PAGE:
In this admittedly constructed, but also impressive example, the Liskov substitution principle [1] was violated - more on this in due course. The example is typical of the SOLID principles. From a microscopic point of view, a certain source code fragment seems correct. However, problems arise in interaction with other classes.

Why do we need the SOLID principles?

The Rectangle Square-Example has shown: Viewed individually, many parts of the program work without errors. Conceptual problems can arise with three classes.

Expandability

In larger software projects, there is a multitude of semantic or structural code units (components, libraries, classes, methods, etc.). It is the (sometimes complex) interaction of these code units that, if the design is incorrect, makes extensions difficult or even leads to errors that are difficult to diagnose. In order to develop future-proof and sustainable software products, you should therefore model your classes and their interaction in such a way that expansions can be carried out easily and without errors. The five SOLID principles give us important assistance here. These five principles are:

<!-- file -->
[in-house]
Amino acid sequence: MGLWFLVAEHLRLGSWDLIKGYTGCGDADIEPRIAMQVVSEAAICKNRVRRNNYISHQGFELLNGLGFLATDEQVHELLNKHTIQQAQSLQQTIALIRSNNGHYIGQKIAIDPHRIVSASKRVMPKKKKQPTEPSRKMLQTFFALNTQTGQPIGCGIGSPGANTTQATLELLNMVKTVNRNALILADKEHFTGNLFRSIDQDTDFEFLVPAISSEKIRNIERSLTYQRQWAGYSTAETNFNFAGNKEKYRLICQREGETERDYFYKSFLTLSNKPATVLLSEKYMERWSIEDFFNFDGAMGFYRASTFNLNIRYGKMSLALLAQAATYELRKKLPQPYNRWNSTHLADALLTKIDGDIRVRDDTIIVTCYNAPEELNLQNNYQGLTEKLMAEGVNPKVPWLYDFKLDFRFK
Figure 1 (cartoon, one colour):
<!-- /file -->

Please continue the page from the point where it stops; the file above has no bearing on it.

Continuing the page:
• Single Responsibility Principle (SRP)
  • Open Closed Principle (OCP)
  • Liskov Substitution Principle (LSP)
  • Interface Segregation Principle (ISP)
  • Dependency Inversion Principle (DIP) (* explanation in next article)